11 SESSION II DETECTION AND GENERAL DETERRENCE HS 178 R2/06
12 SESSION II DETECTION AND GENERAL DETERRENCE Upn successfully cmpleting this sessin, the participant will be able t: Describe the frequency f DWI vilatins and crashes. Define General Deterrence. Describe the Relatinship between Detectin and General Deterrence. Describe a brief histry f alchl; Identify cmmn types f alchls; Describe the physilgic prcesses f absrptin, distributin and eliminatin f alchl in the human bdy; CONTENT SEGMENTS LEARNING ACTIVITIES A. The DWI Prblem Instructr-Led Presentatins B. The Cncept f General Deterrence Reading Assignments C. Relating Detectin t Deterrence Ptential D. Evidence f Effective Detectin and Effective Deterrence E. Physilgy f Alchl HS 178 R2/06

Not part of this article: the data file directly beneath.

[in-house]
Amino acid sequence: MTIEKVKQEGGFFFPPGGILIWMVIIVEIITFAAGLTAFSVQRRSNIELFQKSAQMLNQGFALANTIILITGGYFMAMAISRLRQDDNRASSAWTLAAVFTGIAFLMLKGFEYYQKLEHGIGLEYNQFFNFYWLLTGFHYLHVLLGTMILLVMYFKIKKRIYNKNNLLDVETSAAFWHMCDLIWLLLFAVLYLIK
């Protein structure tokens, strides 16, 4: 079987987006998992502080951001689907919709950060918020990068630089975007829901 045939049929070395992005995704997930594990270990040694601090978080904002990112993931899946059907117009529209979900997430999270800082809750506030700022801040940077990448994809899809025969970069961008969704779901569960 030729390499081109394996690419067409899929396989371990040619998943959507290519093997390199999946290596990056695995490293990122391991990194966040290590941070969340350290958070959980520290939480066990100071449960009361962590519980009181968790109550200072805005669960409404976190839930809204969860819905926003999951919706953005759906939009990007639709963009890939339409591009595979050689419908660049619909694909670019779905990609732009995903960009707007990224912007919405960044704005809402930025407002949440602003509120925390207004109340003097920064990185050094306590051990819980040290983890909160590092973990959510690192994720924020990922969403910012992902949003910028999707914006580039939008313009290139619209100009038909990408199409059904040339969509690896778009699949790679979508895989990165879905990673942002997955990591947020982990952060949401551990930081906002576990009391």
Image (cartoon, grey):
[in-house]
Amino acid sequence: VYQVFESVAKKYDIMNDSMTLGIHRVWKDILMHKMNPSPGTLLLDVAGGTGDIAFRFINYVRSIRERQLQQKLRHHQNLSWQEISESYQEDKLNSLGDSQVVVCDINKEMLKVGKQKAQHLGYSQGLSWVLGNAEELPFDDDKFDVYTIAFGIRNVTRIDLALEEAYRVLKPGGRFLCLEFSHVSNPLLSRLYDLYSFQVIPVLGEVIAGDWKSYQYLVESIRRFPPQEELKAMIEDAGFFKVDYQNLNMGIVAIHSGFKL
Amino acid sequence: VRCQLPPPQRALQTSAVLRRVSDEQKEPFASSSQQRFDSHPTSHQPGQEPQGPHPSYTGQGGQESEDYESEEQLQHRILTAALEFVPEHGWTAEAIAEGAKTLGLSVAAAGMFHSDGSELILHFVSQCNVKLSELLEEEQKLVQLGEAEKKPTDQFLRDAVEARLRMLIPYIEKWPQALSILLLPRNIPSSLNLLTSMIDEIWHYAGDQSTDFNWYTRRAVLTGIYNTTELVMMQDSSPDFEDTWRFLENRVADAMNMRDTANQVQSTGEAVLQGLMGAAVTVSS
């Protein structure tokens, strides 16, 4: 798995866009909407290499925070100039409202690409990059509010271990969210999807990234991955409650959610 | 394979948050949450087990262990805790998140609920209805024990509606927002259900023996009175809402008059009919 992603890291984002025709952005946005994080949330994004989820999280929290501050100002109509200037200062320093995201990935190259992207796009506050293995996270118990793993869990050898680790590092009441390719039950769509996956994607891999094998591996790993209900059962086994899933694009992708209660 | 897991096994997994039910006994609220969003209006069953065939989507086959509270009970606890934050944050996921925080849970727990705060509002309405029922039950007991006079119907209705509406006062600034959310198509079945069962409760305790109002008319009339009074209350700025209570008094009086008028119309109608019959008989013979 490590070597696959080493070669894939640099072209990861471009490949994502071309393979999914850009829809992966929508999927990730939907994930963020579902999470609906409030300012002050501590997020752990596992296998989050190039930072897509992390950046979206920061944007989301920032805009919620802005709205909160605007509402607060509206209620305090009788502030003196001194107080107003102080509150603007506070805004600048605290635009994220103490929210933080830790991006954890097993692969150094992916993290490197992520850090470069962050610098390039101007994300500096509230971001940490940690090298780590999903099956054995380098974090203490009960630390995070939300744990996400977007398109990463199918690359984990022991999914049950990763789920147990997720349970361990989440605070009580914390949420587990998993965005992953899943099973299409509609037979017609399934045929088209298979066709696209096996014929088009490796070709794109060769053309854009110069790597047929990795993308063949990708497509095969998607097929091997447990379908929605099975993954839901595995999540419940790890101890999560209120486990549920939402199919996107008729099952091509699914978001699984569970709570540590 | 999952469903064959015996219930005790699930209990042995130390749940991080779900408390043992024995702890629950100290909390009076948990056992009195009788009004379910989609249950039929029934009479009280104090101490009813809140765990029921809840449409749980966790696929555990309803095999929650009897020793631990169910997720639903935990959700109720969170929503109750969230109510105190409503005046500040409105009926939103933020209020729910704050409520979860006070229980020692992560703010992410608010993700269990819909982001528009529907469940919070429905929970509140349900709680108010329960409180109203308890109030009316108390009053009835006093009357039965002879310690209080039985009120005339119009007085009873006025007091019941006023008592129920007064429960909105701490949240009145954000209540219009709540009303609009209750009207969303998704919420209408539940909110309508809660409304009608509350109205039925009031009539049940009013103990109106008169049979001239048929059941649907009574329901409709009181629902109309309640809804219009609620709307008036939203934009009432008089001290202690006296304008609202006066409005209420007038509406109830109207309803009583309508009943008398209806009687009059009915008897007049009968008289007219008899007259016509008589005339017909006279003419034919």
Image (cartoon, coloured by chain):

13 DWI DETERRENCE: AN OVERVIEW Each year, tens f thusands f peple die in traffic crashes. Thrughut the natin, alchl is the majr cntributr t traffic fatalities. In 2002, alchl-related fatalities rse t 17,419, representing 41 percent f all traffic fatalities. (NHTSA 2002 FARS data) Impaired drivers are mre likely than ther drivers t take excessive risks such as speeding r turning abruptly. Impaired drivers als are mre likely than ther drivers t have slwed reactin times. They may nt be able t react quickly enugh t slw dwn befre crashing and are less likely t wear seatbelts. On the average, tw percent f drivers n the rad at any given time are DWI. DWI vilatins and crashes are nt simply the wrk f a relatively few "prblem drinkers" r "prblem drug users." Many peple cmmit DWI, at least ccasinally. In a 1991 Gallup Survey f 9,028 drivers natinwide, 14% f the respndents reprted they drve while clse t r under the influence f alchl within the last three mnths. It is cnservatively estimated that the typical DWI vilatr cmmits that ffense abut 80 times per year. In ther wrds, the average DWI vilatr drives while under the influence nce every fur r five nights. THE PROBLEM OF DWI HOW WIDESPREAD IS DWI? While nt all f thse wh drive after drinking have a BAC f 0.08/0.10 r mre, the presumptive r illegal per se limit fr DWI in many states, sme drivers d have BACs in excess f these limits. A frequently quted, and ften misinterpreted, statistic places the average incidence f DWI at ne driver in fifty. Averaged acrss all hurs f the day and all days f the week, tw percent f the drivers n the rad are DWI.1 That 1 in 50 figure is ffered as evidence that a relatively small segment f America's drivers the s called "prblem" grup accunt fr the majrity f traffic deaths. There's nthing wrng with that figure as a statistical average, but plice fficers knw that at certain times and places many mre than tw percent f drivers are impaired. Natinal Highway Traffic Safety Administratin research suggests that during the late night, weekend hurs, as many as ten percent f drivers n the rads may be DWI.2 On certain hliday weekends, and ther critical times, the figure may g even higher. HOW MANY? HOW OFTEN? The issue f hw many DWIs are n the rad at any given time is an imprtant HS 178 R2/06 II-1